FRANKFURT (Reuters) - Germany’s SAP (SAPG.DE), the world’s biggest maker of business software, reported a better than expected rise in fourth-quarter sales and profits on Friday, sending its shares up 4 percent.
Operating profits were up 10 percent at 1.78 billion euros ($2.28 billion) in the quarter, ahead of the consensus forecast of 1.65 billion euros expected by analysts, according to Thomson Reuters StarMine.
The company attributed the strong performance to demand for its biggest software products and growing demand for its HANA offering -- which allows companies to analyze business data quickly -- and said it had won market share overall.
SAP's share price was up 3.8 percent at 43.02 euros by 1450 GMT, when the German market's DAX index .GDAXI was 0.7 percent lower.
“We believed that SAP would show an in-line quarter and are therefore positively surprised by the outperformance on the license side and in particular with the realtime solution HANA,” DZ Bank analyst Oliver Finger said.
Expectations had also been dimmed by poor quarterly results from SAP’s big rival Oracle Corp ORCL.O last month, sending shock waves across the technology sector as investors feared they may have overestimated the resilience of corporate tech spending in a deteriorating global economy.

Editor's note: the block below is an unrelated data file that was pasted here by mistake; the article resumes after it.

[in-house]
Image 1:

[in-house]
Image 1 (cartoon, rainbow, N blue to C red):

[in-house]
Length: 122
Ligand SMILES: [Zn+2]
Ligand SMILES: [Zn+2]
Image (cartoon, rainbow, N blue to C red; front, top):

SAP’s sales of software and related services, which are key to future lucrative maintenance revenue streams, rose 12 percent from a year ago to 3.72 billion euros in the fourth quarter.
The company is due to publish full results on January 25 when it will also provide an outlook for the full year 2012.
Fourth-quarter operating profit excludes some one-off items such as acquisition-related charges of 115 million euros.
SAP last month agreed to buy SuccessFactors SFSF.N for $3.4 billion to keep up keep up with rivals in the frenzied race for cloud-computing business.
SAP had raised its sales outlook on the deal, saying its revenue could easily reach 21 billion euros by 2015, about a billion euros more than expected.
Its 2012 earnings will be diluted by the purchase, but there will be a positive impact from 2013 on.
The German company, based in Walldorf near Heidelberg, built its business on large, integrated software systems sold to many of the world’s biggest companies, such as Apple (AAPL.O), GE (GE.N), McDonald’s (MCD.N) and Pepsi (PEP.N).
SAP currently has some 176,000 customers and bills itself as the world’s leading provider of software for managing supply chains and customer relations.
Reporting by Maria Sheahan and Harro ten Wolde; Editing by Mike Nesbit and Greg Mahlich